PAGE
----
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Many jittery home buyers and sellers fear the shutdown of the federal government may delay their closings. The Salt Lake Board of Realtors said the shutdown should not have a major impact on the mortgage loan process—other than to spook potential buyers.
“For buyers right now, it’s just a lot of uncertainty,” said Dave Frederickson, president of the Salt Lake Board of Realtors.
The Federal Housing Administration (FHA) and Veterans Affairs mortgage loan insurance programs make it possible for buyers to purchase a home with lower down payment requirements. These programs will continue to operate, although reduced staffing levels in those agencies may lead to delays, said Rex Rollo, CFO of America First Credit Union.
During the shutdown, the FHA will continue to endorse new loans for single-family home purchases, but will not make new commitments in its multi-family program, said Frederickson.
About 25 percent of new home loans are backed by the FHA.
America First is one of the state’s largest mortgage loan providers, with 6,750 such loans in 2012, second only to Wells Fargo in the Utah market for total loans. Rollo said the credit union is continuing to work with buyers to process mortgage loans.
“America First is a designated underwriter for FHA and VA,” said Rollo. This status allows the credit union to do most of the underwriting work in-house, rather than turn it over to FHA staff.
Partial shutdowns in other government agencies could also delay mortgage loan closings. The Internal Revenue Service, for example, will not be providing the tax transcripts that many lenders require in order to verify borrower income. And the Social Security Administration will not be able to verify borrower Social Security numbers, said Frederickson.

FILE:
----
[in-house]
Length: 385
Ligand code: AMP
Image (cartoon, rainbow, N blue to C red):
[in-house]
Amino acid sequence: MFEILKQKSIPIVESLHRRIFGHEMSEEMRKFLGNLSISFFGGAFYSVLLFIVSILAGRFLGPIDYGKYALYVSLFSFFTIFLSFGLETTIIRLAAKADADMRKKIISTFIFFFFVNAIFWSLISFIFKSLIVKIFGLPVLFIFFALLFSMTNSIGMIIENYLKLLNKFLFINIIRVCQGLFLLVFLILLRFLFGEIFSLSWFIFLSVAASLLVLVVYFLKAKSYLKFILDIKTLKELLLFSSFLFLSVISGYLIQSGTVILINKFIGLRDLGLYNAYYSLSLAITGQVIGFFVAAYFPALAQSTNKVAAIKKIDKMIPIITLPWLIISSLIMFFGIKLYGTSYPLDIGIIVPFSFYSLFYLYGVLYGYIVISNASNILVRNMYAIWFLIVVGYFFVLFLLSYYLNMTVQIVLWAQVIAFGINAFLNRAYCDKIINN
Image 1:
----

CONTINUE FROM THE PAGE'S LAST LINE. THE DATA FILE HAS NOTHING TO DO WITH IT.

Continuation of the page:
“Federal housing programs—like Fannie Mae, Freddie Mac and FHA—do not require tax return verification,” said Frederickson. “Some lenders, like U.S. Bank, have already waived the tax return verification policy. Other lenders are directly selling loans to Fannie Mae or Freddie Mac. Most home buyers who need a mortgage will be able to secure one, even during the government shutdown.”
Rollo fears the uncertainty surrounding the government shutdown may cause potential buyers to back away from the market. The turmoil “tends to take the excitement and the urgency out of the purchase,” he said.
But Frederickson said now is still a good time for buyers to shop for a home. “The interest rates are incredible, and the inventory is slowly growing again,” he said.
For most buyers, said Rollo, the shutdown will have little or no impact. “If this only goes on for a week, I don’t know that it’s going to be very significant,” he said. “The longer it continues, the more effect it’s going to have.”
He added, “I don’t think it’s going to stop the mortgage from closing. It’s just going to take it longer.”
“I’m not seeing a reason for concern for buyers or sellers right now,” said Frederickson. “It’s just business as usual.”